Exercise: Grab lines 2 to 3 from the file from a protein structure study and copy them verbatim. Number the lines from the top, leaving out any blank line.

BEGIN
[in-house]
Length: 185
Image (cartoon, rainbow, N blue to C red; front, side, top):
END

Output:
Length: 185
Image (cartoon, rainbow, N blue to C red; front, side, top):